I’ve been fencing off the garden plot with various styles to experiment with different techniques and get a feel for what it takes to fence off a plot of land properly. Thankfully I don’t have to worry about rabbits, foxes, deer or badgers so I’m just concentrating on keeping the sheep out. The next few blogs are all about making gates and fences – starting with this article I wrote for Garden News about my experiences trying to get totally green timber, which turned out to be slightly tortuous.
Garden News article – Timber Treatment
Un, dau, tri, pedwar, pump: sometimes knowing one to five in Welsh just doesn’t cut the mustard. Especially when you’re standing in a rain soaked wood negotiating a price for chestnut fencing posts and railings with a father and son sales team that fall back on their native tongue when negotiations reach a critical point. I’m lost in a flurry of constanants. It’s like a bad day on Countdown.
Buying the greenest possible fence – locally grown unseasoned chestnut cut from coppice (which lasts longer untreated in the ground than any other British wood) – has got me – if you can excuse the pun – stumped.
It should be possible to pop down to the nearest retail park and pick up local woodland products just as you can go to the supermarket to buy organic fruit and veg. The stick to go with the carrot: so to speak. But Focus obviously don’t Do it All and until they and other shops like them do there’s always going to be a sense of adventure about buying truly green wood.
So why do it? Well the answer for me, apart from supporting my local economy, is timber treatment. Its nigh on impossible to get untreated wood for fencing at a conventional shop and wood preservative used to stop rot contains fungicides, herbicides and pesticides, which seem to me the least organic addition to a garden I could imagine.
It’s also much harder to dispose of treated wood at the end of its life because the treatments are often quite toxic. Pre 2004 the most common garden wood treatment was Chromated Copper Arsenate (CCA), a compound of Arsenic and Copper. Arsenic is one of the most dangerous substances known to man and has been banned for many years as a pesticide but is still used in timber treatment. In 2004 a European directive prohibited its use in gardens, presumably because it is highly toxic when burnt on a bonfire. In preference it should be disposed of in a lined landfill site to stop the poisons seeping into the ground. If you have old treated wood lying around take it to a designated recycling unit and place it in the timber section of the yard.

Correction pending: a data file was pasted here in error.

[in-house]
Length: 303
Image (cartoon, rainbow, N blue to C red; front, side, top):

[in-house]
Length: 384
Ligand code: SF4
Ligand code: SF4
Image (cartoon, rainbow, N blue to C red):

Never burn it. The rain can soak through the ash and take some of the poisons into your garden soil. Even the use of treated timber in raised beds has been questioned by some people because scientific studies have shown that higher than normal levels of arsenic can be detected in the soil a few inches from the boards.
The benefit of treatment is that it allows us to use cheap fast growing but quick to rot softwoods instead of longer lasting slower growing and more expensive hardwoods such as oak and chestnut. Modern economics sometimes makes poisons cheap and natural risk free materials more expensive. Go figure!
Thankfully the newer preservatives, if not perfect, are considered to be far less dangerous. They are still made using energy intensive industrial processes though and have to be dealt with at the end of their useful life. Untreated wood on the other hand carries no risk at all, no waste, nor any extra hidden environmental problems. When its useful life is over it can be left to rot in the corner of your garden providing a home for beneficial organisms and allowing the fertility to go back into the soil. It is quite simply compost waiting to happen. And to that I say Diolch yn fawr iawn. Or as they say over the border thank you very much.
I used more beanpoles to provide the frame for this temporary shade provider. I pack it up at the end of each day and take it back inside. The deckchair I found at the local junk yard. The previous owner said it was dangerous to sit in but a year on I’m still waiting to fall flat on my…
There is one UK grown coppiced product you will find in many garden centres and DIY stores – barbecue charcoal. It’s much better for the environment than all other charcoal because it is made from wood grown in our own coppiced woodlands and not – as many others are – from rainforest, other old growth forests or plantations. You have to look closely at the label to get the good home produced stuff. Check out regional variations such as the Dorset Charcoal Company and the nationally available Bio-Regional Development Group charcoal. If you’re looking for a local supplier of untreated wood for garden projects try your yellow pages for timber mills, woodlands, the Forestry Commission or even stately homes with large gardens and estates. For coppiced products check out www.coppice-products.co.uk/Directory www.ecolots.co.uk, www.woodlots.co.uk and the Association of Pole Lathe Turners (www.bodgers.org.uk); or regional bodies such as the Welsh Timber Forum. For more info on treated wood try www.ecologycenter.org/factsheets/pressure-treated_wood.html.